Minute-taking – some people love it; some people hate it! I’m in the former category, is that a bit strange?! I mean I get to hear everything that’s going on in the business, high level decisions taking place and then I write it in my own coherent words. I’ve been writing minutes for over 20 years and it’s become my ‘niche’ skill.

Here’s my top 5 tips for efficient minute-taking:

• Always read the papers. Invariably, something will arise in the meeting that you don’t understand. I often scan through them first, then refer to them when I’m typing up my minutes. If a paper is well written, you should be able to lift sentences right from the paper to explain the objective of the session or clarify a recommendation.
• Choose your best method of capturing the meeting. If it’s a face to face meeting, I use old school shorthand. If it’s a virtual one, I minimise the call and type as they talk. I’ve even recorded a meeting whilst I was in the car (multi-tasking with mum duties) and played it back later. Choose whichever method will ensure you can keep up and not miss anything.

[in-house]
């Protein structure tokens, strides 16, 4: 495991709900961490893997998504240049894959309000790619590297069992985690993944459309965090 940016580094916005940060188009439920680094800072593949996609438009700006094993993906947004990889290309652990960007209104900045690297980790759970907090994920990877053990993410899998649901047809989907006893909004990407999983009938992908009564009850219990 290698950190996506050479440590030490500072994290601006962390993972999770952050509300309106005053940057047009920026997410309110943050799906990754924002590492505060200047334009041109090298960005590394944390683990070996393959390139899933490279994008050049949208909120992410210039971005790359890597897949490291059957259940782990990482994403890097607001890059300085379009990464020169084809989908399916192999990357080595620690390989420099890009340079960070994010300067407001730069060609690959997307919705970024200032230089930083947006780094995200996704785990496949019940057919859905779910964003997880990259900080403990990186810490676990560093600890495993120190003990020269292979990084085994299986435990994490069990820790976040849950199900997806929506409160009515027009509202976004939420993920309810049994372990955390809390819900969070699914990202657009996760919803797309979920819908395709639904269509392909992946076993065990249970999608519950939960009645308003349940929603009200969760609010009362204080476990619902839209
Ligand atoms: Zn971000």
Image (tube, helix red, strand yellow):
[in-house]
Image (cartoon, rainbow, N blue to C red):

• 70% of meeting chat is exactly that – just chat. Your job as minute taker is not to write up everything that was said. It’s to distinguish the key points from the drivel. If you read a page of your minutes and there’s too much “he said” and “she said”, you need to cut out some of the chat. This is a real skill and it’s something that comes with time and experience. A lot of people want to hear their own voice, but it doesn’t mean their points are necessarily essential to the discussion that’s recorded.
• Always include an introduction to your section and a conclusion. The intro should be one sentence stating what someone was presenting or what was discussed. The conclusion should be what was agreed. A limited amount of chat goes in between. This makes it easy for the reader to quickly understand what was discussed.
• Your draft notes should be nothing like your final version. Whatever you type up initially is just your narrative. The most important part of writing a good set of minutes is then going through what you’ve written and making each paragraph readable. Ask yourself:
o Is it well written?
o Does it make sense?
o Is the grammar right? If you don’t know – google it!

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